In one of my very first columns for this blog, I advised my readers that persistence wins in mediation. While I stand by that advice, there is another kind of persistence that absolutely, positively doesn’t win in mediation — the kind referred-to in this post’s title.

Beating a dead horse: What a descriptive phrase, when you think about it. Whether your goal is to discipline, correct or motivate, if a horse is dead you’re wasting your time and effort beating it.

Been there. Done that.

When I used to try cases, trial judges would advise me,“You’ve made your point, move on!” Which, of course, is a judge’s way of saying Don’t beat a dead horse.

Sure I’d made, and repeated, my points enough to irritate judges — and yet, I often felt compelled to make my point, over and over again. I guess, at the risk of brow-beating the jury, I wanted to make sure that I was heard and understood. The problem was, of course, that I was being counterproductive.

I think that I was unintentionally insulting the jury by repeating myself as if they were not smart enough to understand what I said the first few times. A friend of mine has a standard response when his wife does the same thing to him: “Sweetheart, I already bought that car and drove it home. Please stop trying to sell it to me.”

To be honest, I’ve been guilty of doing the same thing myself at home. Sometimes my wife or children will say “Here comes another sermon from Dad.” What they really mean is that they’ve heard me driving-home my point so many times, it’s no longer helpful. At that point, you’ve made you’re point, and then — by aggravating your audience — you’ve probably unmade it.

I’ve even done it as a mediator.

I recently conducted a mediation for which the lawyer had her client participate by telephone. The way it worked out, I was never allowed to speak with the client. I felt compelled to make my points over and over again to the lawyer, in hopes that she would then communicate it to her client. After I made the same point three times, she rebuked me saying “Enough is enough! My client isn’t here. I heard you the first time.” Her message was clear: “Stop beating that dead horse.”

How about you?

In whatever we do, we all want to be effective communicators. We want to make sure that our message is heard and understood. As you consider this issue, ask yourself “Do I tend to become a dead horse beater?” If the answer is yes, you may need to rethink how you can most effectively communicate your position without repeating yourself over and over again. I know I’ve had to rethink some of my own inclinations.

At age 62, it’s about time that I begin to get this right.

Enjoy the journey!

If you’re an Alabama football fan (or, for that matter, a Bama hater), there’s a good chance you’ve heard Nick Saban talk about “the process” — the term he uses in describing his approach to building championship-caliber football players and teams. Despite recent evidence to the contrary 🙁, that process has served his program very well.

As an Adjunct Professor of Mediation at the University, I teach my students that mediation is a process. It has several distinct stages. Each stage is important to producing a successful outcome — and to my way of thinking, there really are no shortcuts.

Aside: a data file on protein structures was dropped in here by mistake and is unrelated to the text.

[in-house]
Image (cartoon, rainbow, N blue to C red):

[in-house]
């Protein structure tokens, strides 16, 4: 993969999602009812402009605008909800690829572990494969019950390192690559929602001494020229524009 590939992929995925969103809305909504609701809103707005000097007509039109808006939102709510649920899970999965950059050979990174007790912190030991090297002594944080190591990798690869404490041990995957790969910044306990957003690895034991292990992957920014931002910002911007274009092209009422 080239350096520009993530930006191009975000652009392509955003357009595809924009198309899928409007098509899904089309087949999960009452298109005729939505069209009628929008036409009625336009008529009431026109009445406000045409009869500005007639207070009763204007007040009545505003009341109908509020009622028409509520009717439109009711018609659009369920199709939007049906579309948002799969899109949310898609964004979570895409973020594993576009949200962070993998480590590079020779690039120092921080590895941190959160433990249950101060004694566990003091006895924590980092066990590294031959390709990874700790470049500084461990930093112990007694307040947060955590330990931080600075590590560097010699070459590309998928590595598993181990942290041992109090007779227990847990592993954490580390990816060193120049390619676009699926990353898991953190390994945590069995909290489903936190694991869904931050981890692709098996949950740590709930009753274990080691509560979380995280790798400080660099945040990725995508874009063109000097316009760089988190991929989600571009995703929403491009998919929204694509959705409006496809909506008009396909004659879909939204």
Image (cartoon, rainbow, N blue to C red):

In my experience, a successful mediation process includes the following stages:
  1. Pre-Mediation — which may be conducted by telephone, in person, or through Position Statements.
  2. Opening Session — which may be a full-blown session, an abbreviated one, or just a Meet and Greet.
  3. Private Caucusing — during which, demands and offers are exchanged, brainstorming may occur, positions are tested, and each side’s strengths & weaknesses are discussed.
  4. Narrowing the gap — During this stage, there’s a continued exchange of information and demands or offers.
  5. Breaking of impasse — (If you haven’t already read it, you might be interested in my 3-part post “Overcoming Impasse In Mediations”)
  6. Conclusion — during which, written agreements are prepared, or further discussion is initiated to determine what comes next next.
  7. Follow-up — which is typically necessary only when the parties haven’t reached an agreement.
Example one: Short-circuiting the process. And the client’s best interests.

I recently led a mediation that had reached the private caucusing stage, and I was serving as Devil’s Advocate by conducting a little reality testing. One of the lawyers cut me off, saying, “We aren’t going there.” Out of respect for him (and since the mediation is ultimately “his process”), I backed off.

A number of my longtime clients and colleagues would contend that I should have ignored the rebuff. The lawyer and I discussed it later — and while I understand why he did what he did, I disagree with his reasoning.

In cutting me off, he hurt the process. Granted, we were able to settle the case, but I think his client would have benefited from the discussion I was planning to lead.

Example two: The process works

In another case, I felt strongly that the process — and the parties — would benefit by dedicating our opening session to a discussion of the case’s legal and factual issues. The lawyers disagreed with me, but nevertheless followed my suggestion. Later, they both told me that the opening session had been critical to getting the case settled.

Trust the process. And your mediator.

I’m assuming every mediation you handle involves a mediator chosen because of someone’s confidence in his or her skills, so let your mediator to do their job — and let the process work for you. That said, I’m not suggesting that you relinquish input in structuring the process. What I am suggesting is that you trust your mediator to do what they think will give the case the highest likelihood of settling.

In the end, isn’t that what we’re all after?